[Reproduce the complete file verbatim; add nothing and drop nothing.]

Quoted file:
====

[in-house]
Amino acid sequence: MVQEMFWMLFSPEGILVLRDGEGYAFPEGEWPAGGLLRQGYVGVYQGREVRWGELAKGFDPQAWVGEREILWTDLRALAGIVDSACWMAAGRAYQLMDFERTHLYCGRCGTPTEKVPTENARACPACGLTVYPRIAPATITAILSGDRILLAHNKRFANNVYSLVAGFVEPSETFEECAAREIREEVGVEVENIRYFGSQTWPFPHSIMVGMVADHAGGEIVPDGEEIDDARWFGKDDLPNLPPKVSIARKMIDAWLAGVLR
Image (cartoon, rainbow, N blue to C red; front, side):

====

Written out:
[in-house]
Amino acid sequence: MVQEMFWMLFSPEGILVLRDGEGYAFPEGEWPAGGLLRQGYVGVYQGREVRWGELAKGFDPQAWVGEREILWTDLRALAGIVDSACWMAAGRAYQLMDFERTHLYCGRCGTPTEKVPTENARACPACGLTVYPRIAPATITAILSGDRILLAHNKRFANNVYSLVAGFVEPSETFEECAAREIREEVGVEVENIRYFGSQTWPFPHSIMVGMVADHAGGEIVPDGEEIDDARWFGKDDLPNLPPKVSIARKMIDAWLAGVLR
Image (cartoon, rainbow, N blue to C red; front, side):